The death of a baby girl in northwestern China has prompted a call for tighter regulations on practitioners of a traditional Chinese therapeutic massage for children.
The four-month-old was taken to a community clinic in Xian, Shaanxi province, on November 30 where she was diagnosed with an upper respiratory tract infection.
She was prescribed a form of massage therapy called paediatric tui na to relieve her cold symptoms, which included a cough. After about 20 minutes of massage, her heartbeat and breathing stopped. The infant was taken to hospital where she died of multiple organ failure, according to Huashang Daily.
An inquest is under way to determine the cause of death but experts are not waiting for the results to urge for better regulations of an industry which requires no medical training and as little as two weeks’ instruction for its practitioners.
The use of tui na – which translates as “push and grab” – dates back to the Ming dynasty (1368-1644). Industry insiders said the therapy was being offered for children with symptoms as diverse as diarrhoea, fever and even myopia in both hospitals and health clubs.
Sun Wuquan, director of the tui na department at Yueyang Hospital in Shanghai, said the therapy had been over-promoted in recent years but, above all, hospital-based providers of tui na should be qualified practitioners of traditional Chinese medicine with five to eight years’ training in the technique. They should also have strict training in paediatrics, he said.
“Paediatrics is a department with high risks … Even doctors with professional training may have difficulties, let alone those massage therapists without,” Sun said. “It is a safety hazard to let a massage therapist treat an ill child, but it is generally OK if it is just for the purpose of health improvement.”
Commenting on the Xian case, Sun said “there has been no clinical record of multiple organ failure caused by paediatric tui na before, and neither can they be theoretically linked.”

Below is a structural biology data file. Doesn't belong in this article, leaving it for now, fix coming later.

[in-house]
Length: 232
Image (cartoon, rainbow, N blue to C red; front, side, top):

Several training organisations said a course of just two weeks was enough to become a “veteran” tui na massage therapist. According to a staff member, surnamed Huang, at training provider Shen Na Shi Jia in Beijing, a person with zero experience only needed to pass a test after a two-week course to receive a “senior child massage therapist” certificate from a non-governmental chamber of commerce.
“We have students across the country and they all use this certificate to start their own businesses,” Huang said.
Another training centre, Mei Bei Ying in Wuhan, Hubei province, offers an even shorter course of paediatric tui na every month – just five days and for free, although it does not guarantee a certificate. About 10,000 people have been trained there and recommended for jobs since it was founded 10 years ago, according to a staff member identifying herself as Lin.
In the hospital that runs the clinic that treated the four-month-old baby girl in Xian, there are nearly 60 massage therapists with qualifications issued by various government bodies, but only two have a doctor’s licence, according to The Beijing News.
Shenzhen paediatrician Pei Honggang, whose online presence has educated and informed many parents, said he believed the therapy did not cause direct damage to health, but could lead to patients missing out on prompt, standardised treatment.
Commenting last week on the case to his 2 million followers on microblogging platform Weibo, Pei said that before deciding whether to use massage therapy the patient’s illness should be diagnosed and that required medical knowledge.
“Some aunts and uncles, without any medical background, try to treat illnesses after just taking some tui na courses, or even reading a book on the subject, and there are people who believe in them,” Pei said.
“The issue is not that the general public lack medical knowledge, but that they lack basic logic. It’s a scam, not medicine, to say that [a massage] can cure everything,” he said.
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